The Sun Is no Fun without Rain: Physical Environments Affect How We Feel about Yellow across 55 Countries

Domicele Jonauskaite, Ahmed M. Abdel-Khalek, Ahmad Abu-Akel, Abdulrahman Saud Al-Rasheed, Jean-Philippe Antonietti, Árni Gunnar Ásgeirsson, Kokou Amenyona Atitsogbe, Marodégueba Barma, Daniel Barratt, Victoria Bogushevskaya, Maliha Khadidja Bouayed Meziane, Amer Chamseddine, Thammanard Charernboom, Eka Chkonia, Teofil Ciobanu, Violeta Corona, Allison Creed, Nele Dael, Hassan Daouk, Nevena DimitrovaCornelis B. Doorenbos, Sergejs Fomins, Eduardo Fonseca-Pedrero, Augusta Gaspar, Alena Gizdic, Yulia A. Griber, Gina M. Grimshaw, Aya Ahmed Hasan, Jelena Havelka, Marco Hirnstein, Bodil S. A. Karlsson, Stephen Katembu, Jejoong Kim, Nikos Konstantinou, Eric Laurent, Marjaana Lindeman, Banu Manav, Lynn Marquardt, Philip Mefoh, Aleksandra Mroczko-Wąsowicz, Phillip Mutandwa, Georgette Ngabolo, Daniel Oberfeld, Marietta Papadatou-Pastou, Corinna M. Perchtold, Alicia Pérez-Albéniz, Niloufar Pouyan, Tanjir Rashid Soron, Maya Roinishvili, Lyudmyla Romanyuk, Alejandro Salgado Montejo, Aygun Sultanova, Ramiro Tau, Mari Uuskülabe, Suvi Vainio, Veronica Vargas-Soto, Eliz Volkan, Grażyna Wąsowicz, Sunčica Zdravković, Meng Zhang, Christine Mohr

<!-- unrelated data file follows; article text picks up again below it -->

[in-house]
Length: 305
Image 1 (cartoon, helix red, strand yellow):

Research output: Contribution to journalJournal articleResearchpeer-review

Abstract

Across cultures, people associate colours with emotions. Here, we test the hypothesis that one driver of this cross-modal correspondence is the physical environment we live in. We focus on a prime example – the association of yellow with joy, – which conceivably arises because yellow is reminiscent of life-sustaining sunshine and pleasant weather. If so, this association should be especially strong in countries where sunny weather is a rare occurrence. We analysed yellow-joy associations of 6625 participants from 55 countries to investigate how yellow-joy associations varied geographically, climatologically, and seasonally. We assessed the distance to the equator, sunshine, precipitation, and daytime hours. Consistent with our hypotheses, participants who live further away from the equator and in rainier countries are more likely to associate yellow with joy. We did not find associations with seasonal variations. Our findings support a role for the physical environment in shaping the affective meaning of colour.
Original languageEnglish
Article number101350
JournalJournal of Environmental Psychology
Volume66
Number of pages7
ISSN0272-4944
DOIs
Publication statusPublished - Dec 2019

Bibliographical note

Published online: 19. September 2019

Keywords

  • Colour
  • Emotion
  • Affect
  • Cross-cultural
  • Environment
  • Climate

Cite this

Jonauskaite, D., Abdel-Khalek, A. M., Abu-Akel, A., Al-Rasheed, A. S., Antonietti, J-P., Ásgeirsson, Á. G., Atitsogbe, K. A., Barma, M., Barratt, D., Bogushevskaya, V., Meziane, M. K. B., Chamseddine, A., Charernboom, T., Chkonia, E., Ciobanu, T., Corona, V., Creed, A., Dael, N., Daouk, H., ... Mohr, C. (2019). The Sun Is no Fun without Rain: Physical Environments Affect How We Feel about Yellow across 55 Countries. Journal of Environmental Psychology, 66, [101350]. https://doi.org/10.1016/j.jenvp.2019.101350